In Short: Normal People.
I’ve had the good fortune to meet many famous people, including Star Wars creator George Lucas (long before he was famous), magician and skeptic James “The Amazing” Randi, original Star Trek’s “Scotty” Jimmy Doohan (and “Chekov” Walter Koenig — and “Trouble with Tribbles” writer David Gerrold), Science Fiction Grand Master Larry Niven, magicians Penn & Teller, America’s first female astronaut (and physicist) Sally Ride, Apple Computer co-founder Steve Wozniak, and quite a few others.
How? Lucas was a tenant at a ranch my father co-owned — and where, I’d like to believe, he fell in love with ranches, leading to his own Skywalker Ranch. Randi was a fellow speaker at two conferences where I also spoke.
Doohan was at an appearance at Universal Studios for the very first Star Trek Adventure video made on replica Star Trek sets, where park guests in line for the show were picked to play various roles in each video. I happened to be picked as an engineer, so I was dressed in costume when Doohan popped in to say hello to his engineers. Weirdly, I was the only one in the group not afraid to step up and chat, and he was happy to talk while we waited a half-hour for things to get underway.
Koenig came to NASA’s Jet Propulsion Laboratory during the time I worked there, while in town to work on (I’m pretty sure) Star Trek VI: The Undiscovered Country. That’s also where I met Ride, who was doing a tour of NASA centers, and Gerrold: he came to speak at an event, and I volunteered to be his escort — he came early enough for me to give him a short tour around the lab, and he was so full of wonder and appreciation I felt like I was the celebrity!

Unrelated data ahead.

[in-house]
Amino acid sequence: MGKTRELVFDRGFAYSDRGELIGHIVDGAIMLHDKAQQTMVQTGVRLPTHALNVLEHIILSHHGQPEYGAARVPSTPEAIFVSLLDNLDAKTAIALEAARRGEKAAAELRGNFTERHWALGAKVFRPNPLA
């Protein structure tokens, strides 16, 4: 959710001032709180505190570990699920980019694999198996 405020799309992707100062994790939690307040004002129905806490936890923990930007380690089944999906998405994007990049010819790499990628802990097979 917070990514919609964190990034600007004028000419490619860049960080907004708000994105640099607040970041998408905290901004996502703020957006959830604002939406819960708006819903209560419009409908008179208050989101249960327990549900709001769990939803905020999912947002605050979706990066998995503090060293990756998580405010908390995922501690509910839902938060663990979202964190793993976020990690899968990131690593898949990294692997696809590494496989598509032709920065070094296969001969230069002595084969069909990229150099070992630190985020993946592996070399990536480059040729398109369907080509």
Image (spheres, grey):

Niven was in the audience when I gave a talk at the Los Angeles Science Fantasy Society, where he’s a member. He was kind enough to speak to me afterward, and chuckled when I told him his book Lucifer’s Hammer* scared the crap out of me because it was so plausible.
Penn & Teller had me come up on stage as a “firearms expert” to witness their famous shoot each other in the mouth illusion. And Wozniak is a long-time reader who said when I was in town to let him know so we could go to dinner, so I did, we did, and he brought a few other computer pioneers along so we could all meet each other.
They Are Much Alike
The one description applicable to all of them, in my experience, is: they’re just normal people. None of them were full of themselves, and they all were gracious and kind, even if some were a bit amazed that people wanted to meet them.
The Doohan story is especially telling: if a “celebrity” is there to meet people and say hello, don’t be afraid to step up and say hello! The best way to make them comfortable is to tell them you enjoy their work, maybe saying what, in particular, entertains or enlightens you. And then step back to let others approach if anyone is waiting.
After all, they really are regular people even if well known, and pretty much everyone is happy to talk briefly if they’re not busy or trying to get somewhere.
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Randy Cassingham is WiLt’s head writer and publisher. His flagship publication This is True, established in 1994, is the oldest entertainment feature on the Internet.
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